Problems to Watch Out for With New RVs

Buying a new RV may seem to be a great idea, but the truth is that people who make such purchases find themselves facing many problems they thought they could avoid, along with new ones they never expected to have to deal with.

New RVs can have just as many problems as previously owned ones.

Price Doesn't Mean Quality

We have been brainwashed as consumers to think that because someone slaps a big price on a product, it is somehow better.

This has never been true, and it especially is not the case when it comes to buying new recreational vehicles.

Here is a brief overview of the issues you will likely be facing if you decide to buy new.

Financial Risks 

New RVs cost more to own than previously owned ones, not only because they are new, but also because they 
  • depreciate rapidly,
  • have higher sales and registration taxes and
  • often are more poorly constructed.
Furthermore, when you buy one, you are purchasing an untested product, which means that you'll have no guarantee that it will function properly and hold up well over time.

You may think that the warranty that comes with this type of unit will protect you financially, but the truth is that it may or may not.

In fact, if you don't take the time to read the small print on the contracts you sign, you may well give up many rights you were told you would have.

If you get stuck with a lemon, you basically will have little or no legal protection depending on how the laws of your state are written.

Long Waits for Repair Work

No matter what motor home, camper or travel trailer you purchase new, it's going to need repairs.

If you don't insist they be taken care of prior to closing your deal, you'll find that during your warranty period you can wait months before you can get them done.

You do that with any coach, but this is especially true with those under warranty because the work repair shops do costs them, not you, money.

Unexpected Expenses

It is perfectly normal for the owner of a new travel unit to expect it to be free of problems, but unfortunately, this rarely is the case.

Manufacturers often do shoddy work that results in issues that end up costing consumers more than they expected to pay for maintenance and upkeep.

I have met owners of new coaches who actually had to deal with
  • windows that literally fell off of their units ($17,000),
  • air bags that were the wrong size for their motor homes ($5,000)
  • and mismatched or incorrectly rated tires that caused blow outs on the highway ($6,000).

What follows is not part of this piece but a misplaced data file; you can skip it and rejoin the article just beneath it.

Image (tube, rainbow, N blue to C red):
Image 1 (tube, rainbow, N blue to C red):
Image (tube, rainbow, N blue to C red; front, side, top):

These were bills they had to pay out of their own pockets either because the manufacturers had gone out of business or warranties and insurance did not cover them.

No matter what any salesman tells you,
  • you're mileage is going to be less than expected,
  • camping is going to cost more than you thought
  • and breakage while traveling is will be never ending.
While this is true even of previously owned coaches, it is worse with a new one because you paid so much more for it and trusted that your salesman was being honest with you about such issues.

RVs Are Not Built for Long Term Full Time Living

Although new coaches are built to look like fancy apartments, in reality, they are nothing more than temporary living quarters on wheels.

Although people do use them for permanent full time living, they were never really meant to serve this purpose.

They are built for travel and, perhaps, for temporary housing only.

Because of this, people who choose to live in them need to understand that doing so puts them exactly one accident away from being homeless!

This is why it pays to take great care when buying new.  The potential financial and personal loss is much greater than with buying previously owned, especially if you don't shop carefully.

This book can help. It is one I suggest to all people wishing to purchase new coaches. If you read it and follow the directions, you could save thousands of dollars and also many headaches.  The publishers have produced updated versions for several years, but the basic information is the same in all of them.  There are other guides available, but I think this one offers better advice.

(click link to buy)
Protect Yourself

Protect your financial interests by taking the time to read sales contracts and warranties , doing plenty of research and carefully examining any coach you may be interested in purchasing.

Many people buy RVs and have relatively few problems with them, but only you can make sure that you avoid problems when you buy a new recreational vehicle by researching and inspecting carefully before you make an RV purchase.